"Go to the sign of Harvel's Axe, a dubious inn on the edge of the Thieves Quarter, in the City of Greyhawk, and look to your own wrist. If you perceive a bracelet and dangling dice, watch for the next throw in the war between Law and Chaos and be prepared to follow the compelling geas." -Signal

Saturday, December 31, 2011

Birthright - Sword and Crown, Wild Magic 6

The Birthright campaign setting is one that I want to play in  sometime but have not had a chance to yet. The idea of the  setting is one that is very appealing and without ever playing it  I could see it coming in a quick third (behind Greyhawk and  Mystara) just from the materials i have had a chance to read and  what I have heard about it.

Sword and Crown is a module written for the setting. It was  written by one of the co-designers of the Birthright rules so you  know there has to be a fair understanding of the mechanics at  least. The premise seems to be one that is tried and true and it  has been touched on in some earlier modules or printed  adventures. Since I have not had a chance to play it yet I looked  for some insight online. There was a good summary written on  Wikipedia which I have copied below. The review there ia summary  of a review by Rick Swan in Dragon magazine.

Rick Swan reviewed Sword and Crown along with several other  Birthright products for Dragon magazine #233 (September 1996),  giving it a rating of 4 out of 6. Swan called this a first-rate  example of an official adventure, "where the design team takes  you by the hand and shows you what they consider the essentials  of a BIRTHRIGHT campaign". He also called Sword and Crown "well- organized, clutter-free, and easy on the brain", and referred to  the Spiritrender an "exceptionally nasty adversary". Swan felt  that Colin McComb, co-designer of the original Birthright rules,  "supplies plenty of staging tips and helpful NPCs — too helpful,  some might say", noting that a bandit conveniently volunteers too  much information about his family at one point. He admitted that  the adventure doesn't break any new ground, and relies on AD&D  conventions rather than concepts unique to the Birthright  setting, so that the adventure acts as a bridge "intended to ease  the transition from standard AD&D to the more sophisticated  BIRTHRIGHT setting". Swan recommended that, for a beginner on a  budget looking to buy a Birthright adventure, to "go with Sword  and Crown if you can't make up your mind", but that seasoned  Birthright players who already have a campaign underway can skip  the adventure.

Even given the somewhat average review I think the module si one  that it would not hurt to own. The advantage of Birthright  material is that except for the core rules that it seems to still  be readily available and fairly inexpensive.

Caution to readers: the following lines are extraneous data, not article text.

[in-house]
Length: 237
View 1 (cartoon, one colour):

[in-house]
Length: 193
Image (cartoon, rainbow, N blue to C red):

Published: 1995
Pages: 64

From the Back of the Book:

The Sword and Crown is an event unrivaled in Anuirean politics.  Every five years, rulers come from across the land to renew  friendships, cement alliances, and provoke their enemies with  poisoned words and sharpened swords. Wheels turn within wheels,  and plots abound. It's politics as usual in Anuire.

Except this conclave is different. Not only is it taking place in  the PCs' kingdom, but before the festivities can even commence,  someone wages an attack on Prince Avan and kidnaps his daughter.  And to whom to the regents turn to rescue the princess? The  hosts, of course! The PCs must win their way past dangerous  bandits and treacherous elves and discover a path through darkest  caverns where the slightest misstep means death. Only then does  the real threat become apparent!

This adventure contains a 64-page book crammed with details about  the setting, the situation, and the major characters, plus a  full-color mapsheet. It is designed for use with the BIRTHRIGHT  boxed set.


Wild Magic 6

Level: Seventh
Range: Special
Duration: Special
Area of Effect: Special
Components: Special
Casting Time: Special
Saving Throw: Special

With the casting of this spell the magic user is able to simulate  the casting of any sixth or lower level spell. The spell will  work best if it is a spell that the caster knows though this is  not a requirement.

When this spell is used the caster will be able to use any sixth  or lower level magic spell even it is is not one that they  memorized or even know. If they have it in their spellbook the  spell will go off without problem.

Spells that are not in their spellbook will be trickier. If they  have seen the spell cast there is a 50/50 chance that it will  work. If the spell fails then there is another 50/50 chance of  things happening. It is possible that the spell will just out and  out fail. The other is that it works but in reverse and in a  negative way for the caster, possibly even affecting them.

The caster can even use this to try and create some new magical  effect. The DM may choose not to allow this. If they do then they  will need to impose strict limits on its use.

Disclaimer: The spells that you will see, for how ever long the  write ups last, were all written up or conceived of back in the  80's so the terminology may not appropriate for anything other  than 1e and depending on how well I did back then it may be  slightly off for that as well. If there is any duplication of  spells that exist now it is most likely I wrote mine first :)  Please feel free to comment on them but try not to be too hard on  me. If anyone wishes to use these in anything they print please  let me know in advance and all I ask is proper credit.

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